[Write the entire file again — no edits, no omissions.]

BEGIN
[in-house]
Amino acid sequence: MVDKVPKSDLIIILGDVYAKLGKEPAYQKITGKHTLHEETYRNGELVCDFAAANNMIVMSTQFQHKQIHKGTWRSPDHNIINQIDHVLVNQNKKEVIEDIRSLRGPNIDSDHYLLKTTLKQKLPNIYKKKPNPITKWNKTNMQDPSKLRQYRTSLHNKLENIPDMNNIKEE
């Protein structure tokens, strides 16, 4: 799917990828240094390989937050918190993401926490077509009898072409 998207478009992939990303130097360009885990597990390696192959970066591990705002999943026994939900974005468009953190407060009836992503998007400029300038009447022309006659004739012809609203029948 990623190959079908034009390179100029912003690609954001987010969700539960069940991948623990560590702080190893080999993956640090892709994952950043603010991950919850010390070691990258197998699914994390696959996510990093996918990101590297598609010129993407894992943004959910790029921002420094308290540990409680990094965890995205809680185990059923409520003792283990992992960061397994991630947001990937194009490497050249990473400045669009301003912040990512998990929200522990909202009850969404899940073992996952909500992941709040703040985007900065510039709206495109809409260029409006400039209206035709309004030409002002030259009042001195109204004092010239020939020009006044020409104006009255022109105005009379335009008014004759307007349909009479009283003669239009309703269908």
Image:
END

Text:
[in-house]
Amino acid sequence: MVDKVPKSDLIIILGDVYAKLGKEPAYQKITGKHTLHEETYRNGELVCDFAAANNMIVMSTQFQHKQIHKGTWRSPDHNIINQIDHVLVNQNKKEVIEDIRSLRGPNIDSDHYLLKTTLKQKLPNIYKKKPNPITKWNKTNMQDPSKLRQYRTSLHNKLENIPDMNNIKEE
């Protein structure tokens, strides 16, 4: 799917990828240094390989937050918190993401926490077509009898072409 998207478009992939990303130097360009885990597990390696192959970066591990705002999943026994939900974005468009953190407060009836992503998007400029300038009447022309006659004739012809609203029948 990623190959079908034009390179100029912003690609954001987010969700539960069940991948623990560590702080190893080999993956640090892709994952950043603010991950919850010390070691990258197998699914994390696959996510990093996918990101590297598609010129993407894992943004959910790029921002420094308290540990409680990094965890995205809680185990059923409520003792283990992992960061397994991630947001990937194009490497050249990473400045669009301003912040990512998990929200522990909202009850969404899940073992996952909500992941709040703040985007900065510039709206495109809409260029409006400039209206035709309004030409002002030259009042001195109204004092010239020939020009006044020409104006009255022109105005009379335009008014004759307007349909009479009283003669239009309703269908």
Image: